THE NEA BRIDGE by Phillip Alder
BE HAPPY TO TAKE WHATÌS NECESSARY
Robert G. Allen, a Canadian-American businessman who has written several personal-finance books, said, ÏDonÌt let the opinions of the average man sway you. Dream, and he thinks youÌre crazy. Succeed, and he thinks youÌre lucky. Acquire wealth, and he thinks youÌre greedy. Pay no attention. He simply doesnÌt understand.Ó
Bridge players who are greedy rarely achieve wealth — they usually end up complaining about bad luck.
In todayÌs deal, how should South plan the play in four hearts after West leads a low diamond?
South wondered about a slam opposite an opening bid, but he knew his sideÌs combined point-count was at most 29 (NorthÌs two-heart raise indicating 12-14 points), which is insufficient for a slam unless there are distributional pluses — shortages, or a side suit that can provide discards.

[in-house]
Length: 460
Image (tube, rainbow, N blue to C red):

South has four possible losers: two spades, one diamond and one club. But he has 10 available winners: one spade, six hearts, one diamond and two clubs.
It looks as though it cannot cost to take the diamond finesse at trick one. However, here East will win with his king and shift to a spade, which is clearly marked given the dummy. Declarer can duck one round and take the second spade, but when the club finesse fails, East will cash a spade for down one.
South must not be greedy. He should take the first trick with dummyÌs ace, draw trumps and run the club jack. Yes, the finesse loses, but he has those 10 tricks.